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EXCLUSIVE: Major Breakthrough for Artist Royalties Movement

Artists involved in one of the creative community's hottest topics has received an early Christmas present. The Big Idea reveals breaking news of a precedent setting move.

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Every landslide starts somewhere.

A long-time sore point for artists in Aotearoa has developed into a push-button topic in 2021. And as the year draws to a close, there’s an announcement to savour for everyone that's eager for those who create to receive more respect and financial acknowledgement for their work beyond the initial sale.

The Big Idea can exclusively confirm that Art+Object, regarded as one of the country’s leading auction houses,  has become the first to sign up to Copyright Licensing New Zealand’s (CLNZ) auction house licensing scheme.  

This initiative has been launched to enable New Zealand artists to be paid for the reproduction of their work when it is advertised for sale on the secondary art market.

Just as Art+Object has pioneered the presentation of contemporary art and objects in an auction context, Directors Leigh Melville and Ben Plumbly are now leading the way in what many hope will begin an avalanche of artist acknowledgement, as their work increases in value.

Melville and Plumbly say they decided to practice what they preach as cheerleaders for contemporary art.

“We decided that after 16 years building the business, it was time to acknowledge a new direction.  We would like to recognise the contribution that artists make to Art+Object and the industry we work in and will be encouraging our clients to join us in this initiative by making an appropriate contribution, thus recognising the artists, without whom none of this would be possible.”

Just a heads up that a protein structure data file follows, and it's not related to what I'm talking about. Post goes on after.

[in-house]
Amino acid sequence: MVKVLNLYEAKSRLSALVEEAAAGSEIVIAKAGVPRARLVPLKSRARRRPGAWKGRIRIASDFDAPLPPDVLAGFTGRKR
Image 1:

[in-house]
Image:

Richard Killeen, Database J, UV inkjet on plywood, signed and dated 2017. Photo: Art+Object.

This is a milestone moment for CLNZ - who are better known as the mouthpiece for licensing in the publishing industry for over 25 years.

As a not-for-profit organisation, CLNZ generates nearly $7 million each year in licensing revenue for the more than 800 local authors and publishers they represent.  

Their decision to step into the visual arts - working to support the likes of new lobby group Equity for Artists - is already paying off for the creative community.

Gordon Walters, Koru. Acrylic and PVA on canvas (1971). Photo: Object+Art.

CLNZ Chief Executive Paula Browning and Art Licensing Consultant, Caroline Stone have been crucial in orchestrating this new scheme.

“It’s a wonderful step forward for Aotearoa’s artists that Art+Object have shown leadership and respect for artists and made this decision. We look forward to other auction houses doing the same and joining in this scheme. 

“The more that our creative people are remunerated for their work, the more creativity we can have which benefits all New Zealanders.”

Set up in accordance with New Zealand and international copyright law, there is plenty of overseas precedent with 80 licensing agencies operating similar schemes for visual artists in over 60 countries including USA, Canada, most of Europe and Australia. 

Browning told The Big Idea Artists rely on multiple income streams to sustain their career - and income from Auction House sales is the first of what we hope will be an increasing number of licensing opportunities made possible through CLNZ’s services for New Zealand visual artists.

"In the past month, since the zui Arts Makers Aotearoa and Equity for Artists hosted, we’ve had over 100 new artists sign-up with CLNZ and we hope to hear from many more now that the Auction House licensing scheme is underway."

Artists need to be signed up with CLNZ to benefit from the auction house licensing scheme, which comes at no cost to the artist, who will also maintain 100% ownership of the copyright in their work.  

Written by

The Big Idea Editor

21 Dec 2021

The Big Idea Editor

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